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To order a DVD or VHS videotape of the non-profit documentary film Dom Polski: Dance Hall Days of Detroit’s Polonia, send check for $25.00 ($20 plus $5 shipping/handling), payable to Laurie Palazzolo, to: Laurie Palazzolo, 32101 Shiawassee Road, Farmington, MI 48336. Please specify whether ordering DVD or VHS videotape and include your phone number. Please note: The $5 shipping/handling is for up to two copies. If ordering over two copies, please add $1.00 shipping/handling for each additional copy. Total running time (including credits) is approximately 2 hours 13 minutes. Questions: firstname.lastname@example.org or 248/477-8518.
REGRETTABLY, MUSIC LICENSING RESTRICTIONS PREVENT SALES OUTSIDE THE U.S.
This film is supported by the Michigan Council for Arts and Cultural Affairs & the City of Detroit - Department of Culture, Arts & Tourism/Recreation Department. Funding provided by the Community Foundation for Southeastern Michigan.
Thank you to the BELLEVILLE HISTORICAL MUSEUM and the BELLEVILLE COUNCIL FOR THE ARTS for the screening of the DOM POLSKI film at the Belleville Historical Museum on Thursday, November 8! This screening was made possible by a joint effort between the Belleville Historical Museum and the Belleville Council for the Arts. (Click on the "DOM POLSKI PREMIERES" Tab For Information on future screenings.)
The review at the end of this page by Deborah Greenlee of the non-profit documentary film Dom Polski is as published in RODZINY, the official journal of the Polish Genealogical Society of America (PGSA) and GEN DOBRY, the official on-line journal of the PGSA; and as reprinted (with permission) by Polish American Journal (Buffalo, NY); The Polish Weekly (Hamtramck, MI); and Polish Times (Hamtramck, MI) (August 2007). In production since April 2003 and premiering in April 2007 at the Village Theater at Cherry Hill in Canton, Michigan, a premiere performance venue, Dom Polski is a celebration of Polish immigrant life and culture in Detroit’s east and west side communities and a preservation of history and musical tradition. It is the first film ever to document Detroit Polonia’s history and immigrant experience. The making of Dom Polski was a long, difficult, and nearly impossible undertaking. Perseverence and faith made it possible.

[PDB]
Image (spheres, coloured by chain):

"Nie ma tego zlego co by na dobro nie wyszlo."
Letter from Russia:
June 14, 2007
In the first place I would like to thank you for this great present!
When I think about the art of playing on the accordion, I always worried about the fate of folk music in Russia (as well as in other countries, when I performed abroad). And I remember that when I was in small countries and I asked about folk music, the person I was talking to would look surprised and say, "We don't have folk music, it has been swallowed up by other melodies." But you are just amazing for saving, for protecting your music - after all, one's folk music is equal to one's native language, isn't it?! So keep it up and go forth! Do it for your people!
I would like to compliment you one more time, dear Laura, and your editing group, for the enormous work you did, and with all my heart I congratulate you on your great and well-deserved success!! I wish your entire group, and each person in it individually, health, happiness, and love!
Yu. Kazakov, Accordionist
(Translation by Laura Kline, Lecturer, Wayne State University, and students Adam Pruchnicki, Justin Cedroni, and Mike Bohr)
For more on Yuri Kazakov, the "Champion of Russia," visit http://hem.passagen.se/kazakov/index2.html